Gentle ear stimulation can significantly reduce symptoms of Parkinson’s disease, reports a new study. The findings of the study are published in the journal Parkinsonism and Related Disorders.// The randomised, controlled study, led by the University of Kent, UK, showed that twice daily stimulation for two months was associated with a significant reduction in both motor and non-motor features of Parkinson’s disease.
‘Caloric vestibular stimulation (CVS) could help relieve motor and non-motor symptoms linked to Parkinson's disease. ’Participants reported greater movement and mobility, and also showed improvements in decision-making, attention, memory, mood, and sleep. Participants also said that by the end of the study they found it easier to perform everyday activities by themselves.
Tweet it Now
Most of the therapeutic gains were greatest five weeks after the end of treatment suggesting that the treatment may have long lasting effects.
The stimulation therapy was performed at home using a portable headset produced exclusively for clinical investigations by Scion Neurostim, a US-based device company. Participants continued to take their regular dopamine replacement therapy while using the ’easy to use’ device.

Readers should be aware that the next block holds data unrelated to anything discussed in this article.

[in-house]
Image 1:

The study, led by Professor David Wilkinson at Kent’s School of Psychology, was conducted on 46 individuals with Parkinson’s disease. The research was supported by Dr Mohamed Sakel, Director of the East Kent NHS Neuro-rehabilitation Service and Dr Mayur Bodani, consultant neuropsychiatrist, Kent & Medway NHS and Social Care Partnership Trust, UK. Additional help with participant recruitment was given by the national charity Parkinson’s UK.
Professor Wilkinson said: ’This study raises the intriguing possibility that some aspects of Parkinson’s disease may be better managed if traditional drug-therapies are combined with gentle, non-invasive stimulation of the balance organs’.
Professor Ray Chaudhuri, Director of the National Parkinson Foundation Centre of Excellence at King’s College Hospital, said: ’The results are very encouraging. Achieving both widespread efficacy and durable gains in motor and specifically non-motor aspects of Parkinson’s disease would be quite novel, and improvements in non-motor symptoms would be especially notable. Those symptoms are often untreated or poorly treated and have a particularly detrimental impact on quality of life, and their treatment is a key unmet need. I am intrigued and want to see where this device technology might go.’